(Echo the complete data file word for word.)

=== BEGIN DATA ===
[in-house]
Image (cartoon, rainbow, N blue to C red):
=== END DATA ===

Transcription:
[in-house]
Image (cartoon, rainbow, N blue to C red):